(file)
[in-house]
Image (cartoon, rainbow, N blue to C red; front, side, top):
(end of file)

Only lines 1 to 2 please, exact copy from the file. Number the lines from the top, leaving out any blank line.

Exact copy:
[in-house]
Image (cartoon, rainbow, N blue to C red; front, side, top):